A glycan gate controls opening of the SARS-CoV-2 spike protein

Nat Chem. 2021 Oct;13(10):963-968. doi: 10.1038/s41557-021-00758-3. Epub 2021 Aug 19.


SARS-CoV-2 infection is controlled by the opening of the spike protein receptor binding domain (RBD), which transitions from a glycan-shielded 'down' to an exposed 'up' state to bind the human angiotensin-converting enzyme 2 receptor and infect cells. While snapshots of the 'up' and 'down' states have been obtained by cryo-electron microscopy and cryo-electron tomagraphy, details of the RBD-opening transition evade experimental characterization. Here over 130 µs of weighted ensemble simulations of the fully glycosylated spike ectodomain allow us to characterize more than 300 continuous, kinetically unbiased RBD-opening pathways. Together with ManifoldEM analysis of cryo-electron microscopy data and biolayer interferometry experiments, we reveal a gating role for the N-glycan at position N343, which facilitates RBD opening. Residues D405, R408 and D427 also participate. The atomic-level characterization of the glycosylated spike activation mechanism provided herein represents a landmark study for ensemble pathway simulations and offers a foundation for understanding the fundamental mechanisms of SARS-CoV-2 viral entry and infection.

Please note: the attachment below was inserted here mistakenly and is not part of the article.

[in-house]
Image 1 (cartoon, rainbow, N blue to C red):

Publication types

  • Research Support, N.I.H., Extramural
  • Research Support, Non-U.S. Gov't
  • Research Support, U.S. Gov't, Non-P.H.S.

MeSH terms

  • Cryoelectron Microscopy
  • Humans
  • Molecular Dynamics Simulation
  • Polysaccharides / metabolism*
  • Spike Glycoprotein, Coronavirus / metabolism*


  • Polysaccharides
  • Spike Glycoprotein, Coronavirus
  • spike protein, SARS-CoV-2